This is the culmination of the teaching begun in John 14:13. “In My Name” means “In My Character”, “In My Will”, “In My Identity”, “In My Purposes”, “In My eternal perspective” and so on. The prerequisite to receiving anything asked for in Yeshua’s Name is that the thing asked for is “In His will”, “According to His purposes” etc.
The double amen denotes established truth and what follows affirms Yeshua’s teaching concerning prayer. We are to speak directly to the Father through the Son. This does not mean that we must tag “In Yeshua’s Name Amen” onto every prayer we pray as if the repetition of a mantra validates prayer. Rather, it means that in Yeshua and according to the Holy Spirit we are to pray to the Father God as sons and daughters. In this Yeshua is indicating the fact that He will be seated at the right hand of the Father and will no longer be present in material body on earth, until that day when He returns to reign.
13 These things I have written to you who believe in the name of the Son of God, so that you may know that you have eternal life. 14 This is the confidence which we have [a]before Him, that, if we ask anything according to His will, He hears us.15 And if we know that He hears us in whatever we ask, we know that we have the requests which we have asked from Him.
-1 John 5:13-15 NASB
24 Until just this moment (arti[G]) you have asked, desired, begged (aiteo[G]) for nothing in My name (bishmiy[H]); ask, desire, beg (aiteo[G]) and you will receive, so that your joy (chara[G], simchat’chem[H]) may be made full (pleroo[G]).
The disciples had not thought to ask things of Yeshua perhaps because they were constantly seeing Him work miraculous signs that they might have otherwise asked for but need not request because they were witnessing them as an outworking of Yeshua’s ministry. Therefore, now that Yeshua is about to leave He is instructing them to desire, ask, plead for the things of Him, so that they might continue to work as sent ones of the Kingdom and that in the receiving of the good things of God might see the salvation of many, that their joy might be made full.
25 “These things I have spoken to you using mashaliym [H] figurative, unusual language, parables (paroimia[G]); a certain definite time, hour (hora[G]) is coming when I will no longer speak to you in mashaliym [H] figurative, unusual language, parables (paroimia[G]), but will tell you frankly, plainly, devoid of ambiguity, fearlessly, unreservedly (parrhesia[G]) of the Father (Ho Pater[G], HaAv[H]).
Yeshua has taught in mashalim (parables) for a reason. All that Yeshua revealed was conveyed in a progression so as to bring understanding to its fullness at the right time according to God’s redemptive purpose. Had Yeshua spoken plainly from the beginning His work might have been impeded. This would have been a form of disobedience toward God, something that the Messiah is incapable of. Now the definite time is at hand when He will reveal the Father to the disciples and ultimately to all who receive Yeshua as the King Messiah.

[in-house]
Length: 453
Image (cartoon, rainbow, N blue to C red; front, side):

26 In that day (hemera[G], bayom[H]) you will ask, desire, beg (aiteo[G]) in My name (bishmiy[H]), and I do not say to you that I will request (erotao[G]) of the Father (Ho Pater[G], HaAv[H]) on your behalf;
This is important, Yeshua is clear to teach that we are to pray in His Name to the Father. He emphatically states “I do not say to you that I will request of the Father on your behalf”. While it is true that Yeshua is One with the Father, and that He intercedes for us (Rom. 8:34), it is also true that Yeshua instructs us to pray to the Father. I do not pass judgement on those who pray “Jesus, please…” but I do ask, where does Yeshua instruct us to pray to Him?
27 for the Father (Ho Pater[G], HaAv[H]) Himself has familial love (phileo[G], Oheiv[H]) for you, because you have had familial love (phileo[G], ahav’tuniy[H]) for Me and have believed, trusted, been persuaded (pisteuo[G], v’he’eman’tem[H]) that I came forth from, beside, near (para[G]) the God (Ho Theos[H], kiy-meieit Elohiym[H]).
It is hear that the disciples and all believers begin to understand just how awesome the work of Yeshua is. Through His life, ministry, death, resurrection and ascension Yeshua has made it possible for each one of us who receives Him and is reconciled to God to become part of God’s family. The text says that God has familial love (phileo[G]) for the disciples (and all who believe) because they (we) have chosen to have familial love (phileo[G]) for Yeshua and have trusted that He has come from the Father God.
Therefore, with the Spirit of Messiah in us we cry “Abba, Father!”
28 I came forth from the Father (Ho Pater[G], HaAv[H]) and have come into the world (ho kosmos[G], ha olam[H]); anew (palin[G]) I am leaving the world (ho kosmos[G], ha olam[H]) and going to the Father (Ho Pater[G], HaAv[H]).”
Yeshua had come into the world from the Father in order to perform the ultimate act of sacrificial love by shedding His blood for us. He was then anew to leave the fallen world and go to the Father so that His Spirit could be poured out on all who believe and thus spread the good news of God’s redemptive love throughout the world giving all an opportunity to receive salvation and eternal life.